In the blood, red cells perform the vital role of delivering oxygen and removing carbon dioxide from around the body by virtue of the haemoglobin they contain. The role of white cells is to help defend the body against infection and foreign substances. Calprotectin is a protein that is found in white blood cells and it has strong antibacterial and antifungal properties. There is as much calprotectin in the white cells that carry it, as there is haemoglobin in red cells.
Calprotectin is activated when inflammation occurs (whatever the cause of that may be) and thus can be used as a diagnostic indicator. The concentration of calprotectin relates directly to the severity of the inflammation. Figure 1. represents the calprotectin concentrations measured in faecal samples from patients diagnosed with Crohn’s Disease and shows increasing levels with progression of the condition.
Thus, when lower abdominal symptoms exist, a faecal calprotectin test is used to identify whether an inflammatory bowel condition that requires further investigation, is the possible cause.
Faecal calprotectin has proven to be an extremely useful and cost effective marker to help differentiate between IBD (Inflammatory Bowel Disease) and IBS (Irritable Bowel Syndrome) and gained approval from NICE at the end of 2013 for screening purposes. Since then the volume of calprotectin testing has increased dramatically. It has no doubt saved many patients from unnecessary colonoscopies and helped in the diagnosis of those with some form of inflammatory bowel disease (IBD) e.g. Crohn’s Disease (CD) or Ulcerative Colitis (UC).
It is widely accepted that a calprotectin result of <50 µg/g is negative – this doesn’t mean that there is nothing wrong, just that the symptoms are unlikely to be caused by IBD. If symptoms persist but the calprotectin level is negative then other causes for the symptoms need to be investigated e.g. Irritable Bowel Syndrome (IBS), coeliac disease, food allergies or intolerances.
Faecal calprotectin levels >200 µg/g are usually considered positive and in most cases will result in a referral to the gastroenterology unit at the local hospital, so that further investigations can be performed to determine the cause of these increased values.
Results in the middle range or grey zone (50 – 200 µg/g) provide less certainty. The level is elevated above normal but is still lower than a positive result. There are a number of things that can cause the calprotectin level to moderately or even transiently increase without the cause being IBD:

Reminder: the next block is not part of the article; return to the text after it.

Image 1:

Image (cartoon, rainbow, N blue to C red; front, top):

When values are in this region with no obvious explanation (such as medication) the recommendation is to repeat the test in 2 – 3 weeks to see if the level has dropped back to more normal levels or has continued to rise and hence needs to be investigated further.
Calprotectin is purely a marker of inflammation; the problem is that any number of things can have caused this. Although faecal calprotectin has proved an invaluable tool for diagnosing and monitoring IBD, it is the whole clinical picture that determines the diagnosis and this is what healthcare professionals use to make a judgement. If symptoms persist, whether the calprotectin levels are high or low then you should seek further advice from your healthcare professional.
Living with Crohn’s Disease – Lee Stanley discusses why regular self testing of his faecal calprotectin levels would be beneficial
Calprotectin enters the stool whilst it is contact with the gut wall, and the concentration will vary depending on the transit time of the gut contents. If things are moving rapidly then it may not collect much calprotectin! For this reason it is recommended that the first stool of the day is used – this is likely to have been in the gut overnight and so should contain the highest level of calprotectin. If the first stool isn’t possible then use a sample where there has been a reasonable time between bowel movements.
Empty the bladder before collecting the sample to avoid contamination and dilution with urine.
The sample must not come into contact with the toilet water which may contain chemicals that could influence the test result.
Calprotectin is not evenly distributed in the stool sample, so a sensible amount needs to be sent to the laboratory for testing – too little and there may be no calprotectin in the portion sent. Half fill the sample container with stool and seal tightly – ensure your full name and the date is on the pot. Please don’t completely fill the container in case of leaks!
Return the sample to the surgery/hospital within 24 hours.
PLEASE NOTE: The information on this site is primarily designed for use by healthcare professionals rather than the general public. Similarly the products are not suitable for personal purchase and self-testing without direction from a doctor. If you have any concerns about Calprotectin testing or IBD, IBS and related conditions, please speak to your GP.